Orphaned koala joey a sad sign of Trauma Season's start

AT nine-months old, koala joey Shayne has become one of the victims of the busiest, most confronting time of the year at Australia Zoo Wildlife Hospital: Trauma Season.

Shayne was riding on his mother's back when she was hit by a car in a 70kmh speed zone.

She died, and while Shayne was uninjured, he was left without a mother to feed and care for him.

Even so Australia Zoo Wildlife Hospital Director, Dr Rosie Booth, said Shayne was one of the lucky ones.

"Shayne has no injuries as a result of the accident, instead, he's dealing with the loss of his mum and the vital life lessons he needs to learn in order to become an independent, wild koala," she said.

"It's very fortunate that we had an observant rescuer who found Shayne and brought him into us because he wouldn't have lasted even a day in the wild by himself at his young age-now he gets a second chance at life."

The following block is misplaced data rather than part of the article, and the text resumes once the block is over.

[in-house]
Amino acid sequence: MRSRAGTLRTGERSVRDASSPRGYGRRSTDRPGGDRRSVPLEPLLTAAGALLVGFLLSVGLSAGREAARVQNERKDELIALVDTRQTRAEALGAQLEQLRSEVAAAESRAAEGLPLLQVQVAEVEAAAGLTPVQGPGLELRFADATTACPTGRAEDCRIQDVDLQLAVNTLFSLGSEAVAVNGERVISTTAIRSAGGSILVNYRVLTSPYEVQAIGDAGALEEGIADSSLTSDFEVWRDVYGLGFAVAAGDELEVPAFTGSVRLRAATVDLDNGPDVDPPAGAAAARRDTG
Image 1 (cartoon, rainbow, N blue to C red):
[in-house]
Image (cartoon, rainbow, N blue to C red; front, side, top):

Shayne is now with a dedicated wildlife carer where he gets constant attention, comfort and food. Once he is of weaning age and weight, Shayne will return to the Australia Zoo Wildlife Hospital to learn essential climbing and social skills from other young koalas before being released to the wild.

During the warmer months of the year, from August to February, animals are moving around more; potentially looking for a mate or dispersing from their mother's territory. This makes them vulnerable to car strike or attacks by domestic animals.

Australia Zoo Widlife Hospital expects to see 70-89 koalas admitted to the hospital each month during the busy period, and usually has more than 100 koalas in care at any one time.

Treatment for our injured Aussie icons particularly doesn't come cheap costing upwards of $5,000 per koala due to their highly complex biology.

HOW TO MAKE A DIFFERENCE:

  • Donate to the hospital at www.wildlifewarriors.org.au
  • Drive safely through wildlife populated areas and take notice of signage. Being aware in areas where wildlife are often spotted can help reduce the potential for injuries occurring.
  • Keep pets secure at night.

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